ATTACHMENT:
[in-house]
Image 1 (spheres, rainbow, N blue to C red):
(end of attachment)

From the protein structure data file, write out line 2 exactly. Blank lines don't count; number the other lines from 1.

Image 1 (spheres, rainbow, N blue to C red):